True threats do not enjoy First Amendment protection, and nearly every other category of unprotected speech may be restricted using an objective standard. Nonetheless, the Court adopts a subjective standard, though not quite the one advanced by Counterman. The Court holds that speakers must recklessly disregard the threatening nature of their speech to lose constitutional protection. Because this unjustifiably grants true threats preferential treatment, I respectfully dissent.

June 27, 2023 at 10:18 AM | Permalink


"sticks and stones may break my bones, but words will never harm me."

Posted by: beth curtis | Jun 27, 2023 11:58:58 AM

Maybe it's just me, but this debate seems like making a mountain out of a molehill. I have not seen that many cases around my state that have made it up to an appellate court that seem like a close call. (Which, at the very least suggests that if prosecutors are charging bordeline cases, then juries are rejecting those cases.) And, in most cases, the difference between an objective standard and a reckless subjective standard seems like semantics. If an objective person would view the defendant's comments as a threat, it probably is a gross deviation from the norms of conduct for the defendant to not subjectively perceive it as a threat. In any case, intent is normally derived from circumstantial evidence, and I have trouble seeing how in a case like Counterman any reasonable jury would have trouble concluding that defendant knew that he was making a threat.

Posted by: tmm | Jun 27, 2023 2:29:45 PM

FYI, TMM, this case was in front of SCOTUS precisely because the record demonstrated that Counterman most likely didn't understand that his conduct would've been considered threatening because of his profound mental illness. The final opinion doesn't make this clear but the briefing, oral argument, and indeed the findings from the trial court evidenced that conclusion. See, e.g., pet.'s br., https://www.supremecourt.gov/DocketPDF/22/22-138/255333/20230222155744400_Brief%20for%20the%20Petitioner.pdf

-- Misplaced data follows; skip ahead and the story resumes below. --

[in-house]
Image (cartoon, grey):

Posted by: CBL | Jun 27, 2023 2:51:48 PM

CBL, Counterman may be the exceptional case, and it might matter in a bench trial. But the appellate standard is going to view the evidence in the light most favorable to a jury verdict and, to the average juror, the difference between a knowing objective standard and a reckless subjective standard will simply be legal mumbo jumbo that will only rarely impact the verdict.

Posted by: tmm | Jun 27, 2023 10:51:25 PM

And thanks to Jones v. Hendrix, the courts will not be inundated with 2241 habeas petitions from federal prisoners who were convicted under a statute that did not require at least recklessness and who have already completed one round of 2255 review.

Posted by: Da Man | Jun 28, 2023 9:49:50 AM

Da Man, Counterman is a state case AND involves application of a new substantive constitutional rule, so you are wrong on key particulars here.

Posted by: Doug B | Jun 28, 2023 2:55:27 PM

Then I amend my comment to reflect what the state of affairs will be when the SCOTUS invokes Countermand in a federal criminal case.

Posted by: Da Man | Jun 28, 2023 10:52:57 PM